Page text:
## Abstract

When a viscous fluid, like oil or syrup, streams from a small orifice and falls freely under gravity, it forms a long slender thread, which can be maintained in a stable, stationary state with lengths up to several meters. We discuss the shape of such liquid threads and their surprising stability. The stationary shapes are discussed within the long-wavelength approximation and compared to experiments. It turns out that the strong advection of the falling fluid can almost outrun the Rayleigh-Plateau instability. The asymptotic shape and stability are independent of viscosity and small perturbations grow with time as exp(Ct(1/4)), where the constant is independent of viscosity. The corresponding spatial growth has the form exp[(z/L)(1/8)], where z is the down stream distance and L similar to Q(2)sigma(-2)g and where sigma is the surface tension divided by density, g is the gravity, and Q is the flux. We also show that a slow spatial increase of the gravitational field can make the thread stable.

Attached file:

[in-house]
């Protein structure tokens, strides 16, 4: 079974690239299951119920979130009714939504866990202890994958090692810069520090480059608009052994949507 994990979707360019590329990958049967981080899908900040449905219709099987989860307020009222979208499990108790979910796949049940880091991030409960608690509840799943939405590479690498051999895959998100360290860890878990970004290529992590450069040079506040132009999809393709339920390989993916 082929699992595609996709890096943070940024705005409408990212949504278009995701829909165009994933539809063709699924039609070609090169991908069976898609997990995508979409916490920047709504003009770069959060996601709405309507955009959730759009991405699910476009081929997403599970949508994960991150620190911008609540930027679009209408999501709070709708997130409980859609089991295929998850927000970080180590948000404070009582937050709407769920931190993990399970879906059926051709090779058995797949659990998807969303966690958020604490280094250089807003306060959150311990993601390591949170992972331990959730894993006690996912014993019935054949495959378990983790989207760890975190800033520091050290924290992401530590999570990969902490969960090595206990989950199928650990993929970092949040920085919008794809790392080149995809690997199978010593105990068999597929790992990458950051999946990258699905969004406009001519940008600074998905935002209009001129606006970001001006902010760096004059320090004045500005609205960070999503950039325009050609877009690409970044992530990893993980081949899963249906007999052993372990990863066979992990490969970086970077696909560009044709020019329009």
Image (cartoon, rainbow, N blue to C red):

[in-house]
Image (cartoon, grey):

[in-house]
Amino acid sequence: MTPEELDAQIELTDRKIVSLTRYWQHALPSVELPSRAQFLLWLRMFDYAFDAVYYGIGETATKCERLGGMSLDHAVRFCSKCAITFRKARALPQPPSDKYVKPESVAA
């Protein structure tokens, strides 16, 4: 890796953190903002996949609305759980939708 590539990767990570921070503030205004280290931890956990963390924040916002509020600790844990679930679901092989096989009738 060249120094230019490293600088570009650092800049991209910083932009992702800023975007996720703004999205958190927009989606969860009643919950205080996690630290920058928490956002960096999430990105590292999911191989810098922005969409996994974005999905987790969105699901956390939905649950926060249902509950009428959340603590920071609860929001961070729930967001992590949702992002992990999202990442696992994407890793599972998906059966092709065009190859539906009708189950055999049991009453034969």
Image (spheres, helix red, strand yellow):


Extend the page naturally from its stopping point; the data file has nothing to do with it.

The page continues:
Original language | English |
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Journal | Physical Review E |

Volume | 71 |

Issue number | 5 |

Pages (from-to) | 056301 |

ISSN | 2470-0045 |

DOIs | |

Publication status | Published - 2005 |